Atrial Fibrillation, Atrial Tachycardia: What’s the Difference?

A 50-year old-male is referred to our electrophysiologic service for evaluation of palpitations. Prior Holter monitoring demonstrated episodes of atrial fibrillation as well as an atrial tachycardia. Further diagnostic testing included a 2D echocardiogram demonstrating evidence of globally depressed left ventricular (LV) function with an ejection fraction (EF) of 33%. The patient did not demonstrate signs or symptoms of heart failure, and regularly exercised. He underwent electrophysiologic study at an outside institution. This study noted “disorganized atrial activity with earliest activation in the left atrium consistent with atrial fibrillation/flutter.” Given the left sided location, the treating physicians decided to pursue medical management with beta blockers and a class Ic antiarrhythmic. He was interested in catheter ablation due to intolerance of medications, and was referred to our facility.

Figure 1: Atrial Fibrillation as a Cardiomyopathy Equivalent?

Figure 2: Atrial Fibrillation as a Cardiomyopathy Equivalent?

Figure 3: Atrial Fibrillation as a Cardiomyopathy Equivalent?

Figure 1 is a 12-lead ECG demonstrating bursts of atrial tachycardia. Figure 2 is a continuous strip from a Holter tracing (lead II).

The patient was taken to the electrophysiologic laboratory. We performed electro-anatomic mapping in the right atrium with demonstration of late activation times. We then accessed the left atrium through a standard double trans-septal access. The circular catheter was then placed at the os of each pulmonary vein. The left superior pulmonary vein demonstrated the earliest potentials 40msec in advance of the surface p wave (Figure 3). We decided to ablate in this region, which was anatomically on the mid posterior wall of the left atrium at the os of the left superior pulmonary vein. Within several seconds of ablation, there was complete cessation of tachycardia. We then started isoproternol up to 10mcg/min with no induction of atrial tachycardia or atrial fibrillation. The patient was then observed overnight and discharged on 25mg of long acting metoprolol. He remains free from tachycardia three months post ablation. Repeat echocardiography demonstrated normalization of his LVEF.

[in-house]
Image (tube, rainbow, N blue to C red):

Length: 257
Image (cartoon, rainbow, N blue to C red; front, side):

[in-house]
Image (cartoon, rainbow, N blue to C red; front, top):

Despite an irregularly irregular rhythm, the patient in our case suffers from a focal atrial tachycardia. Focal atrial tachycardia as the sole mechanism for supraventricular tachycardia is relatively rare accounting for 10-15% of cases referred for catheter ablation.(1) The posterior wall of the left atrium is hypothesized to be a territory rich in triggers for the formation of atrial fibrillation.(2) Although relatively rare, sustained episodes of focal atrial tachycardia may lead to a rate related cardiomyopathy. Pulmonary vein associated tachycardia is a rare entity. In a retrospective series, only 3% of all atrial tachycardia from a large tertiary referral center was classified as pulmonary vein tachycardia.(3) In this series, focal ablation of either the earliest activation site at the os of the vein, or circumferential ablation of the culprit vein resulted in favorable long term freedom from recurrent atrial tachycardia, and atrial fibrillation. Pulmonary vein arrhythmias have been associated with the development of atrial fibrillation.(4) In three large series of patients undergoing ablation for focal pulmonary vein tachycardia, the reported development of atrial fibrillation post ablation is low.(5,6) While our patient has had improvement of his LVEF, and is free from arrhythmias, his future risk of the development of atrial fibrillation is unknown.

The best course for management of this patient, based on the history and figures 1 and 2, would be:

Show Answer